Fifty Shades of Grey
Author: E L James
American release date: April 3, 2012
Format/Genre/Length: Novel/Romance/528 pages
Publisher/Industry Age Rating: Mature Audience
Overall Personal Rating: ★★★★★
Frustrated that her best friend/college roommate has come down with the flu on the day of an important interview, Anastasia Steele—Ana, to friends and family—agrees to help her out, although that entails driving some 165 miles in order to do so. But what are friends for, right? So she drives to downtown Seattle to keep the bedridden Kate’s appointment with the CEO of Grey Enterprises Holdings , Inc., one Christian Grey, who is scheduled to be the commencement speaker at their graduation. What begins as simply an annoying favor for a sick friend becomes the catalyst to the biggest change imaginable in the innocent college student’s life.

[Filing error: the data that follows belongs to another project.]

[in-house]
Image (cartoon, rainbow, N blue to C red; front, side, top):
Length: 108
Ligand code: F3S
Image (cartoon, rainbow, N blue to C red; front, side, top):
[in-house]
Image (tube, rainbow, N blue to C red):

Technically, Ana is only the conduit for the interview. The questions are written out, all she needs to do is ask them, and record all the answers. Good thing, because when she meets Christian, she is so flustered by his amazing good looks, and his youth that she is a bit tongue-tied (and mentally curses Kate for not having prepared her for him).Of course, part of the fault is Ana’s for not having read the questions through, and blurting out, “Are you gay?”, before she wishes a hole would open up and swallow her. She barely makes it through the interview, and his slightest touch produces reactions she’s never experienced before. All in all, Ana is greatly unnerved by Christian Grey.